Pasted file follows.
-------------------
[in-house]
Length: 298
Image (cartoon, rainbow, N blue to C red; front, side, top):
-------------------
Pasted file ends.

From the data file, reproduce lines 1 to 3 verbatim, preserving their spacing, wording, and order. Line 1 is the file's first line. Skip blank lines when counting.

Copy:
[in-house]
Length: 298
Image (cartoon, rainbow, N blue to C red; front, side, top):